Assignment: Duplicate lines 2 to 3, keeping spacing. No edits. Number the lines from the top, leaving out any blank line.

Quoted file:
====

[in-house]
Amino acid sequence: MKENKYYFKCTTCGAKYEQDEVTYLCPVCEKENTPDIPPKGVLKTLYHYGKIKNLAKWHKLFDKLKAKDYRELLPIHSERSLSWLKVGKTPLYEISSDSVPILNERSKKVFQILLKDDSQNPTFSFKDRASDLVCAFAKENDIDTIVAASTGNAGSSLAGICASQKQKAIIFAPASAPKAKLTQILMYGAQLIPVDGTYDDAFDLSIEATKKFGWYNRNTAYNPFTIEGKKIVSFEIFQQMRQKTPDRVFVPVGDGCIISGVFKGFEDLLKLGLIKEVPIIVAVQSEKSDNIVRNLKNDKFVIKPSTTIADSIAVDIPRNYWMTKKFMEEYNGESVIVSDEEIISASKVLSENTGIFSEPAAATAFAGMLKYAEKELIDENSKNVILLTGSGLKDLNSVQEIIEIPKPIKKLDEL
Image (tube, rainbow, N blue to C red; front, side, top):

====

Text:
Amino acid sequence: MKENKYYFKCTTCGAKYEQDEVTYLCPVCEKENTPDIPPKGVLKTLYHYGKIKNLAKWHKLFDKLKAKDYRELLPIHSERSLSWLKVGKTPLYEISSDSVPILNERSKKVFQILLKDDSQNPTFSFKDRASDLVCAFAKENDIDTIVAASTGNAGSSLAGICASQKQKAIIFAPASAPKAKLTQILMYGAQLIPVDGTYDDAFDLSIEATKKFGWYNRNTAYNPFTIEGKKIVSFEIFQQMRQKTPDRVFVPVGDGCIISGVFKGFEDLLKLGLIKEVPIIVAVQSEKSDNIVRNLKNDKFVIKPSTTIADSIAVDIPRNYWMTKKFMEEYNGESVIVSDEEIISASKVLSENTGIFSEPAAATAFAGMLKYAEKELIDENSKNVILLTGSGLKDLNSVQEIIEIPKPIKKLDEL
Image (tube, rainbow, N blue to C red; front, side, top):